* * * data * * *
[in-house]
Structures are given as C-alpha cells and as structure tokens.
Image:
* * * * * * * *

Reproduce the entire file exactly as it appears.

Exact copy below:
[in-house]
Structures are given as C-alpha cells and as structure tokens.
Image: